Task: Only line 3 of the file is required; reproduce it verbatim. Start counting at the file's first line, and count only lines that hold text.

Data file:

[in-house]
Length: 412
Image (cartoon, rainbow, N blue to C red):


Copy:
Image (cartoon, rainbow, N blue to C red):